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Jeanne Lemire Dahlman, a Montana super-delegate and rancher, has declared her allegiance to Barack Obama.
But she said voters in her state, whose primary is June 3, are thrilled by the unresolved Democratic nomination fight, which gives them a potential voice in a nominating process that has usually bypassed them.
"A part of me would like to wrap this up," she acknowledged. "But I think Clinton should continue, unless she tanks in Indiana."
The Pennsylvania primary was supposed to help clarify the picture for the 795 Democratic super-delegates, but Clinton's strong victory there on Tuesday has in many ways complicated matters for them.
It has furthered a stalemate that has deeply divided the party even as top Democrats called this week for them to make up their minds.
The latest New York Times survey of super-delegates - the party leaders and elected officials who essentially have the power to determine the nominee - finds that Clinton holds a 16-delegate edge that slices into Obama's overall lead in delegates.
And the 478 super-delegates who have declared their allegiances show no signs of switching sides as the primary calendar proceeds to its June 3 ending.
Donald L Fowler is a South Carolina super-delegate who supports Clinton. His wife, Carol, is a super-delegate too, but she supports Obama.
Needless to say they have very different views on how the party should proceed in the light of Clinton's strong Pennsylvania showing.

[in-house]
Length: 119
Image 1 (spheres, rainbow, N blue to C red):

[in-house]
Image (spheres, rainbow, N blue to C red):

"It's sort of like what you would have heard at the Super Bowl at the end of the third quarter," Donald Fowler said.
"Patriot fans are anxious and optimistic, and Giant fans are hopeful and a little bit more anxious. But the game is not over."
He said Clinton supporters like him "are encouraged" by the Pennsylvania results, "but we're not naive".
He added: "We are still behind and we've got a lot to do to catch up. She's playing games now where she has to win them all."
Carol Fowler, who is chairman of the South Carolina Democratic Party, said once the primaries are over she would like to see a prompt resolution.
"I've been in politics long enough to know that when you get close to the end, people get cranky with each other," she said. "But I believe that won't continue for ever. People will find that the wounds are not so deep they cannot be healed."
As with previous contests the Pennsylvania results did little to change the mathematics in terms of super-delegates. In interviews, super-delegates supporting Clinton seized on the Pennsylvania results to push for the contest to continue, while Obama backers often focused on the need for party unity. And some expressed trepidation at their new-found power.
One super-delegate, David E Price, was a member of the Hunt Commission, which created the super-delegate system in the early 1980s.
Now a representative from North Carolina who has endorsed Obama, Price says he notices "a certain deterioration out there of the climate, but I don't want to exaggerate that".
Because the views of Clinton and Obama are so close on most issues, "it is tempting to pick each other's words apart and concentrate on lesser matters," Price said. - Reuters